Innovation policy evaluations must be systemic

A new study shows that only 6 out of 28 EU countries have a truly systemic approach when evaluating their innovation policies. This has important consequences for the quality of policy making.

Mart Laatsit’s and my study compares all 28 EU countries, examining the extent to which they have applied a systemic approach to the evaluation of their innovation policies.

Countries have a systemic approach to evaluation when their have a wide coverage of evaluation elements, when they assess innovation policy performance in the context of the innovation system, when they have a high regularity of evaluation practices, and when they use a diversified expertise.

The findings surprised us because only 6 out of the EU28 countries have actually developed a truly systemic approach to evaluate their innovation policies. 13 other countries have some traits of it, whereas 9 countries have no real evaluation practices of their innovation policies.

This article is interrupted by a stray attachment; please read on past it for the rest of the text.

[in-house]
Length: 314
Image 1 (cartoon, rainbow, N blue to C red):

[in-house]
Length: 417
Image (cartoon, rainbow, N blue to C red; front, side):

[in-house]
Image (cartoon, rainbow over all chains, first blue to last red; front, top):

This shows that European countries have in general important deficiencies when it comes to learn from their own policies. The lack of evaluation (or limited evaluation) is is a major hurdle for evidence-based policy making, and for policy learning.

Therefore the findings call for the need to build organizational capacity for policy learning. Organizational capacity that actually fits the needs of policy advice in each country.

It also calls for identifying mechanisms and incentives to make countries making that step, and for developing a set of methodologies most suitable for evaluating the specific nature of their innovation policies and innovation system.

Link to the published study:


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